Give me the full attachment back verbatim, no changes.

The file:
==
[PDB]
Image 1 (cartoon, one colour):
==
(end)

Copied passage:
[PDB]
Image 1 (cartoon, one colour):